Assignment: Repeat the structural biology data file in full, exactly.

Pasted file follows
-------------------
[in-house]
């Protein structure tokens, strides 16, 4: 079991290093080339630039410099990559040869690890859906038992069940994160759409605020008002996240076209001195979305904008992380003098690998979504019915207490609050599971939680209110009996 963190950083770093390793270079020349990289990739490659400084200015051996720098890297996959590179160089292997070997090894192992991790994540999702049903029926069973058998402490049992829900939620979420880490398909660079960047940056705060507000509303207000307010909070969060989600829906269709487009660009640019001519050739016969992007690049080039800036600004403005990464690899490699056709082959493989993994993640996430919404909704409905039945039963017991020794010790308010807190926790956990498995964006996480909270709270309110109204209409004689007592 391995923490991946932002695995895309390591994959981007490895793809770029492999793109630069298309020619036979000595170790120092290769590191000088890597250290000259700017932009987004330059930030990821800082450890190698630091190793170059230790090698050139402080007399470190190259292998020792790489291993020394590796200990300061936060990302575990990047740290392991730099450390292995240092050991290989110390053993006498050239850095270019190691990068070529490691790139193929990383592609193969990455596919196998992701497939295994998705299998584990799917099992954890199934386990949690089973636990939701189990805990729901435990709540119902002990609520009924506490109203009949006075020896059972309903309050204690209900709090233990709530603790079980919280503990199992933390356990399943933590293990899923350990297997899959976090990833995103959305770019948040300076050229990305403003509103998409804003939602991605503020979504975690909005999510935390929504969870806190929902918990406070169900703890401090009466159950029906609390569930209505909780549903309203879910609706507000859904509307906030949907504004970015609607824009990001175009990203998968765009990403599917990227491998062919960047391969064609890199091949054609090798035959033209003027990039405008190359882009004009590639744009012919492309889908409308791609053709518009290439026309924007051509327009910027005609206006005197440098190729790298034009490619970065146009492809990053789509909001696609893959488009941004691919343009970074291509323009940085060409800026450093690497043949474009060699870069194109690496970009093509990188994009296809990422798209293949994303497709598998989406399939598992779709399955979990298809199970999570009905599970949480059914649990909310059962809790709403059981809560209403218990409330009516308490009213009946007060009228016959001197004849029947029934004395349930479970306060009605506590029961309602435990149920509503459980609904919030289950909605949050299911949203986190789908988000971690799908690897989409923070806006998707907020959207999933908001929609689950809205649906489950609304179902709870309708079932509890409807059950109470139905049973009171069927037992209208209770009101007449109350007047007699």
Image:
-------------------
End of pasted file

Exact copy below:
[in-house]
């Protein structure tokens, strides 16, 4: 079991290093080339630039410099990559040869690890859906038992069940994160759409605020008002996240076209001195979305904008992380003098690998979504019915207490609050599971939680209110009996 963190950083770093390793270079020349990289990739490659400084200015051996720098890297996959590179160089292997070997090894192992991790994540999702049903029926069973058998402490049992829900939620979420880490398909660079960047940056705060507000509303207000307010909070969060989600829906269709487009660009640019001519050739016969992007690049080039800036600004403005990464690899490699056709082959493989993994993640996430919404909704409905039945039963017991020794010790308010807190926790956990498995964006996480909270709270309110109204209409004689007592 391995923490991946932002695995895309390591994959981007490895793809770029492999793109630069298309020619036979000595170790120092290769590191000088890597250290000259700017932009987004330059930030990821800082450890190698630091190793170059230790090698050139402080007399470190190259292998020792790489291993020394590796200990300061936060990302575990990047740290392991730099450390292995240092050991290989110390053993006498050239850095270019190691990068070529490691790139193929990383592609193969990455596919196998992701497939295994998705299998584990799917099992954890199934386990949690089973636990939701189990805990729901435990709540119902002990609520009924506490109203009949006075020896059972309903309050204690209900709090233990709530603790079980919280503990199992933390356990399943933590293990899923350990297997899959976090990833995103959305770019948040300076050229990305403003509103998409804003939602991605503020979504975690909005999510935390929504969870806190929902918990406070169900703890401090009466159950029906609390569930209505909780549903309203879910609706507000859904509307906030949907504004970015609607824009990001175009990203998968765009990403599917990227491998062919960047391969064609890199091949054609090798035959033209003027990039405008190359882009004009590639744009012919492309889908409308791609053709518009290439026309924007051509327009910027005609206006005197440098190729790298034009490619970065146009492809990053789509909001696609893959488009941004691919343009970074291509323009940085060409800026450093690497043949474009060699870069194109690496970009093509990188994009296809990422798209293949994303497709598998989406399939598992779709399955979990298809199970999570009905599970949480059914649990909310059962809790709403059981809560209403218990409330009516308490009213009946007060009228016959001197004849029947029934004395349930479970306060009605506590029961309602435990149920509503459980609904919030289950909605949050299911949203986190789908988000971690799908690897989409923070806006998707907020959207999933908001929609689950809205649906489950609304179902709870309708079932509890409807059950109470139905049973009171069927037992209208209770009101007449109350007047007699």
Image: